These are ticklish times. A sustained recovery from the deepest decline since the Great Depression is uncertain. A critical, but usually overlooked, factor in the arc of that recovery is state and local government.
These governments now employ 22 million workers-teachers, cops, firefighters and sanitation personnel-who rent apartments, buy houses, shop locally and pay taxes. The governments procure goods and services, and make assistance payments to the old, sick and disabled, and their caretakers. We are talking about one-eighth of the U.S. economy.
The sector's finances are complex, multi-tiered and interdependent. Most federal aid payments flow to state governments, and states relay much of it, along with their own source revenues, down to local governments. This fiscal interrelationship is now being tested by the depth of the Great Recession.
States and localities are experiencing unrelenting pressure from unceasing waves of budget gaps, which stem not from impetuous increases in spending, but from plummeting revenues-a deterioration unseen since the Great Depression. Gaps first appear while drafting a budget, when spending projected for next year's programs is compared to expected revenues. While the initial shortfall may be closed as the budget is adopted, both sides of the ledger are affected by the economy's ensuing performance. In bad times, expenses go up as the unemployed demand more services; revenues go down as tax bases shrink. During the fiscal year, a government may see new gaps and have to revise its budget, usually by cutting expenditures.
The macroeconomic worry is that widespread cutbacks by states and localities will create a drag on the economy. The most immediate concern is the rapidly approaching disappearance of federal stimulus money. A big chunk-$140 billion of the $787 billion stimulus program enacted in early 2009-is being passed onto the states for Medicaid and general budget support. According to the Washington, D.C.-based Center on Budget and Policy Priorities, the stimulus funds-and other federal aid increases-have clipped $100 billion out of the $200 billion in budget gaps states are experiencing in fiscal 2010. Reserves and some $30 billion in tax hikes will cover much of the rest, so total spending is estimated to decline by only $40 billion.
For fiscal 2011, 48 states (all except Montana and North Dakota) face budget gaps estimated to total $180 billion. Meanwhile, state reserves have been drained, and federal stimulus funds will be consumed by this calendar year's end. States and localities are cutting spending to live within their faltering revenues-their employment rolls have fallen by 180,000 jobs since 2008, and thousands more losses are in the wings. Issuing bonds to cover current spending gaps is pretty much off limits, but it can happen. In New York state, a $9 billion deficit is leading to calls for borrowing to solve cash-flow needs and the creation of a state financial control board along the lines as used for New York City in the 1970s.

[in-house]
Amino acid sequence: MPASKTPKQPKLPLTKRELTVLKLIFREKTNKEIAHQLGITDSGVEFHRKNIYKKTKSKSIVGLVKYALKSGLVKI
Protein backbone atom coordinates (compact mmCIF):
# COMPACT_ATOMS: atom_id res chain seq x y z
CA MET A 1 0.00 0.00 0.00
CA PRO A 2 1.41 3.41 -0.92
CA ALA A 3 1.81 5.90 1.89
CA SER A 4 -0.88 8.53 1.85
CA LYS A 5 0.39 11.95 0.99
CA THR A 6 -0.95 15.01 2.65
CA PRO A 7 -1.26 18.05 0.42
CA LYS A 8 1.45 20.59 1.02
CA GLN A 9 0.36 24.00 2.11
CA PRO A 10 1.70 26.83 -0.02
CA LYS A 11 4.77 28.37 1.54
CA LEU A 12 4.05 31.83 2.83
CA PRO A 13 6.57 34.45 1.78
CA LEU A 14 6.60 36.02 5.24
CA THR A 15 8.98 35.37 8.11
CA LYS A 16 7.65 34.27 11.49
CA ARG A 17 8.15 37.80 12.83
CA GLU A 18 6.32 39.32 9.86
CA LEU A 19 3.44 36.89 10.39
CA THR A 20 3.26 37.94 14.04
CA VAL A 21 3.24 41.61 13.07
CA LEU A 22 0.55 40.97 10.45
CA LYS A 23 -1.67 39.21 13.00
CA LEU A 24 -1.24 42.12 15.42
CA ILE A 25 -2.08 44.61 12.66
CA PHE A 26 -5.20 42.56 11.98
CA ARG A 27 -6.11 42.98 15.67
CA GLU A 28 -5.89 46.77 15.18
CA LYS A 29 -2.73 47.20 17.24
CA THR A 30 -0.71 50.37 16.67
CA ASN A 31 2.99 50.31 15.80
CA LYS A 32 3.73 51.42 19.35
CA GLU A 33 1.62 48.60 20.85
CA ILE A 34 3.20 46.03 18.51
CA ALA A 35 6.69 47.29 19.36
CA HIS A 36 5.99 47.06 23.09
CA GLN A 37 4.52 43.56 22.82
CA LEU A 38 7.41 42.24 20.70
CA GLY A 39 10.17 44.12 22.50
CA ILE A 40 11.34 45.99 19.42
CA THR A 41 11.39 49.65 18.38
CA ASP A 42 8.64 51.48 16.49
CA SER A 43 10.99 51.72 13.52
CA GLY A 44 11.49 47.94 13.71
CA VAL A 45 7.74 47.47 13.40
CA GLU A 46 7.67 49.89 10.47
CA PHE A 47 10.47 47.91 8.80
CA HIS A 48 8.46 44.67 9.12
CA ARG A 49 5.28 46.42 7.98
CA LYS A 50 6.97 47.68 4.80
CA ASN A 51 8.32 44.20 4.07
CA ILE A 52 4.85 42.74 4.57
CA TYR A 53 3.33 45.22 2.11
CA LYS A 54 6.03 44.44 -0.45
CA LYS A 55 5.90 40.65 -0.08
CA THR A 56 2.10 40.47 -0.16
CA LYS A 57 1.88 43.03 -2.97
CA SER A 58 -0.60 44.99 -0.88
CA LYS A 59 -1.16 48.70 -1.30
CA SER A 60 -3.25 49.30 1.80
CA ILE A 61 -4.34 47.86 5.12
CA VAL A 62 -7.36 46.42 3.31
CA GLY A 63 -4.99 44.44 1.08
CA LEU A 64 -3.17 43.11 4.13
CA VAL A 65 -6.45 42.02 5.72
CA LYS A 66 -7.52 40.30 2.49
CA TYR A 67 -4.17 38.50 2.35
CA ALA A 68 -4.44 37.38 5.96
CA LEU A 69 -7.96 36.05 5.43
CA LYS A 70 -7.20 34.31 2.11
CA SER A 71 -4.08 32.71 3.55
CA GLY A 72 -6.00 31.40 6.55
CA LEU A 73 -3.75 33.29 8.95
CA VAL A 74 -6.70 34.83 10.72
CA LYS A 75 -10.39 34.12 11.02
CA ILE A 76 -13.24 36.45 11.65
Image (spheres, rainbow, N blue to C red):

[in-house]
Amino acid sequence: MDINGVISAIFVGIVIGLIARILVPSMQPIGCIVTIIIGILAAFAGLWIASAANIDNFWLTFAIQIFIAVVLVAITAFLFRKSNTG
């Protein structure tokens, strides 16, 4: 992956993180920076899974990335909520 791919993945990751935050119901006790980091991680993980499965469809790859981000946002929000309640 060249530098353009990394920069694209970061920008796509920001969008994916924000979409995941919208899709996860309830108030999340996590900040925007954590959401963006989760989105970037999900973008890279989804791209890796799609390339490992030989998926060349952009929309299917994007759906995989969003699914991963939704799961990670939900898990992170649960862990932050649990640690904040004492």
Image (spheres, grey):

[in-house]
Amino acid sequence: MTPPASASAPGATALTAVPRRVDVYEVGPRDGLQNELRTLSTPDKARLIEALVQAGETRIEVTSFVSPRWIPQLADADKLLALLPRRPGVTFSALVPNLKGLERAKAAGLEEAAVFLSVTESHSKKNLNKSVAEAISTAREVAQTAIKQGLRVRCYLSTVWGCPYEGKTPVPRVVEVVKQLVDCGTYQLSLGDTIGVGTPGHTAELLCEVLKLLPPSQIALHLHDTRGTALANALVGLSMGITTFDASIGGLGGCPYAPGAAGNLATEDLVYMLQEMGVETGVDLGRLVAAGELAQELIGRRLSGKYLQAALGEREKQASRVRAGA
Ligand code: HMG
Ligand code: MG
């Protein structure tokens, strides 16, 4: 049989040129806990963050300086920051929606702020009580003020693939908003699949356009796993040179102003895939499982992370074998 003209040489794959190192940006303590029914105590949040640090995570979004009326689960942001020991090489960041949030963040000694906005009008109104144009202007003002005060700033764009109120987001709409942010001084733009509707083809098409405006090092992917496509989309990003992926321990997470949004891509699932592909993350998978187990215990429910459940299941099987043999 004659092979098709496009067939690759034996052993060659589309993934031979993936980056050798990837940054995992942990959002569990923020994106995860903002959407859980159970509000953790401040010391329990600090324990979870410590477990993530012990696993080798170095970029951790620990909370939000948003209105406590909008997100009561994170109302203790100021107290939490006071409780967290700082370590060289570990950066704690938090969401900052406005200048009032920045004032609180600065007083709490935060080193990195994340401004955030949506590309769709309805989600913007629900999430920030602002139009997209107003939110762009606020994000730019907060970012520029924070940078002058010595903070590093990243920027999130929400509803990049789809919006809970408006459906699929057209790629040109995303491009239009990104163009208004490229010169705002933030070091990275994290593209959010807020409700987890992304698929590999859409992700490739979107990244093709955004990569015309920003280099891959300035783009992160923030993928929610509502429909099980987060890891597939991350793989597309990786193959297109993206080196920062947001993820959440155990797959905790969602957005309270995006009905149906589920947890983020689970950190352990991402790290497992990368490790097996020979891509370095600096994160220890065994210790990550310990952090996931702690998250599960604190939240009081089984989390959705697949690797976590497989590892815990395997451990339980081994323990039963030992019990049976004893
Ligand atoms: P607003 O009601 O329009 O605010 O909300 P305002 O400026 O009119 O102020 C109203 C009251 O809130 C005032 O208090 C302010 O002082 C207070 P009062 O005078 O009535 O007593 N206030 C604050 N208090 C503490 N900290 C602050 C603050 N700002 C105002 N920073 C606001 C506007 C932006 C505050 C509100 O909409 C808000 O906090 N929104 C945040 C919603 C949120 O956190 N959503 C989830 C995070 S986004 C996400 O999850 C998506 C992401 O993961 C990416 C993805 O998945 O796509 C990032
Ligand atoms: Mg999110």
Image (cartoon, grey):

We know little nationally about revenues and spending in local government, except that their source revenues are, at best, flat, and that state payments, particularly for public education and social services, are plunging. After the intergovernmental transfers are figured in, local governments represent about 55 percent of the sector's final spending, so much of the cutback pain will end up there.
Depending on political persuasion, one can either bemoan or applaud the states' and localities' fiscal destitution. But it is folly not to recognize the impact on the broader economic recovery. Roughly 50 percent of current state and local spending (net of intergovernmental payments) is on salaries and benefits, 20 percent on transfer payments, and 30 percent on purchases of goods and services. Cutting state and local spending by $180 billion or by 10 percent (about the size of the gaps relative to projected revenues), would be a substantial drag on the national economy. It would transmit a 10 percent unemployment rate to the government sector and the various vendors that supply it.
The implicit hope is that the private sector's rapid recovery will buoy the sinking state and local ships of state. If not, the other seven-eighths of the economy may get sucked down in the undertow.
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